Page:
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Uses

Edible uses

There are no edible uses listed for Erica x darleyensis.

Material uses

An admirable dense ground cover plant[1][2], though it might need weeding for the first year[3]. It can be clipped in spring to give denser growth[3][2]. Plants should be spaced about 60cm apart each way[2]. Plants can be grown as a low hedge, the cultivar 'Furzey' is often used[4].
There are no material uses listed for Erica x darleyensis.

Medicinal uses(Warning!)

There are no medicinal uses listed for Erica x darleyensis.

Ecology

Ecosystem niche/layer

Soil surface

Ecological Functions

Ground cover


Hedge

Forage

Nothing listed.

Shelter

Nothing listed.

Propagation

Seed - surface sow in a sandy compost in a cold frame in spring. Keep moist. Prick out the plants as soon as they are large enough to handle and plant them in their permanent positions when they are 5 - 8cm tall[5]. This species is a hybrid and will not breed true from seed.

Cuttings of half-ripe wood, 3cm long taken from twiggy lateral growths near the base of the plant, July/August in a frame. Remove the leaves from the bottom part of the stem without causing any damage to the bark. The cuttings root in a few weeks if they are given some bottom heat. Plant out in spring[5].

Layering in spring or autumn. Plants can be 'dropped' and then dug up and divided about 6 - 12 months later. Dropping involves digging up the plant and then replanting it about 15 - 20cm deeper in the soil to encourage roots to form along the stems[6].

Practical Plants is currently lacking information on propagation instructions of Erica x darleyensis. Help us fill in the blanks! Edit this page to add your knowledge.



Cultivation

Requires a light loam[5]. This species tolerates lime in the soil[1][7] so long as there is plenty of humus[2]. Grows best in a poor soil. Resents dry soils. Prefers an open situation.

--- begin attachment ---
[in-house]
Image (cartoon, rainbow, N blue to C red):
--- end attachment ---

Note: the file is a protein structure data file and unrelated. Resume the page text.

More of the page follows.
A very ornamental plant[8], there are many named varieties[1]. Plants are quite fast growing[8].

Plants in this genus are notably resistant to honey fungus[9].

Crops

Problems, pests & diseases

Associations & Interactions

There are no interactions listed for Erica x darleyensis. Do you know of an interaction that should be listed here? edit this page to add it.

Polycultures & Guilds

There are no polycultures listed which include Erica x darleyensis.

Descendants

Cultivars

Varieties

None listed.

Subspecies

None listed.

Full Data

This table shows all the data stored for this plant.

Taxonomy
Binomial name
Erica x darleyensis
Genus
Erica
Family
Ericaceae
Imported References
Edible uses
Medicinal uses
Material uses & Functions
Botanic
Propagation
Cultivation
Environment
Cultivation
Uses
Edible uses
None listed.
Material uses
None listed.
Medicinal uses
None listed.
Functions & Nature
Functions
Provides forage for
Provides shelter for
Environment
Hardiness Zone
6
Heat Zone
?
Water
moderate
Sun
full sun
Shade
no shade
Soil PH
Soil Texture
Soil Water Retention
Environmental Tolerances
  • Strong wind
Ecosystems
Native Climate Zones
None listed.
Adapted Climate Zones
None listed.
Native Geographical Range
None listed.
Native Environment
None listed.
Ecosystem Niche
Root Zone Tendancy
None listed.
Life
Deciduous or Evergreen
Herbaceous or Woody
Life Cycle
Growth Rate
?
Mature Size
Fertility
Pollinators
Flower Colour
?
Flower Type











References

  1. ? 1.01.11.21.3 Thomas. G. S. Ornamental Shrubs, Climbers and Bamboos. Murray ISBN 0-7195-5043-2 (1992-00-00)
  2. ? 2.02.12.22.32.4 Thomas. G. S. Plants for Ground Cover J. M. Dent & Sons ISBN 0-460-12609-1 (1990-00-00)
  3. ? 3.03.13.2 Royal Horticultural Society. Ground Cover Plants. Cassells. ISBN 0-304-31089-1 (1989-00-00)
  4. ? 4.04.1 Shepherd. F.W. Hedges and Screens. Royal Horticultural Society. ISBN 0900629649 (1974-00-00)
  5. ? 5.05.15.25.3 Bean. W. Trees and Shrubs Hardy in Great Britain. Vol 1 - 4 and Supplement. Murray (1981-00-00)
  6. ? Sheat. W. G. Propagation of Trees, Shrubs and Conifers. MacMillan and Co (1948-00-00)
  7. ? Brickell. C. The RHS Gardener's Encyclopedia of Plants and Flowers Dorling Kindersley Publishers Ltd. ISBN 0-86318-386-7 (1990-00-00)
  8. ? 8.08.1 F. Chittendon. RHS Dictionary of Plants plus Supplement. 1956 Oxford University Press (1951-00-00)
  9. ? 9.09.1 Huxley. A. The New RHS Dictionary of Gardening. 1992. MacMillan Press ISBN 0-333-47494-5 (1992-00-00)